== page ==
"Progressive societies cared for their children by emphasising play and schooling; parents were expected to shelter and protect their children’s innocence by keeping them from paid work and the wrong kinds of knowledge ... adolescence soon became a vision of normal development that was applicable to all youth – its bridging character (connecting childhood and adulthood) giving young Americans a structured way to prepare for mating and work. In the 21st century, the bridge is sagging at both ends as the innocence of childhood has become more difficult to protect, and adulthood is long delayed." [more inside]
Wilcox County High School is a small, rural school, located three hours south of Atlanta. Recently, in a school district that serves some 1,300 students in total. The high school has been in the news for it's continued tradition of holding segregated proms, and for the efforts of some of the local students to raise funds to hold the first officially integrated prom in the community's history. Though, most students were welcome to the "black prom," the first officially integrated prom happened this past Saturday. So many donors came forward, from around the world, that the students say they have money left over to help local families in need. Unfortunately, this doesn't mean an end to the community's history of segregated proms, as the "white prom" was still held, but a week earlier in Fitzgerald, Georgia, less than 10 miles south of the Wilcox County border. [more inside]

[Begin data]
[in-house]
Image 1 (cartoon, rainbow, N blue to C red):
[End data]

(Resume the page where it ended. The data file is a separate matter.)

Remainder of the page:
Steuard Jensen for Prom King! Three nerds get the resident high school science geek on the ballot for Prom King, and...well, you'll have to read the story to get the answer. Like in fiction, sometimes in real life the protagonist/hero comes from the most unexpected position.
Stuck to their prom dates. Since 2001, Duck brand duct tape has sponsored a scholarship contest, open to any high school students willing to go to prom in outfits made of duct tape. This year's fashions range from the classic silver to wilder colors and patterns, and occasionally veer into the just plain strange. Dip into the archives for more.
Prom Story In a series of essays at Slate (1, 2, 3) a journalist in his mid-20s lightheartedly recounts the experience of escorting a 17-year-old girl to her high-school prom (purely for journalistic purposes, it's worth noting). Posters at Slate's reader discussion forum, in spite of its supremely cumbersome interface, express their strong (and not always coherent) disapproval, based mostly on the age difference between the author and his prom date. The author of the essays responds: "As the film critic Richard Roeper (who is much older, and much more influential than myself) pointed out in Esquire recently, this is indeed a strange cultural moment, one made all the stranger by the fact that we're not supposed to admit [it] actually exists." I'm not the biggest fan of journalists who engage in seemingly socially taboo behavior for the sole purpose of writing an article, but this made for interesting reading nonetheless.
Georgia high school has white only prom....dunno what else to say about that.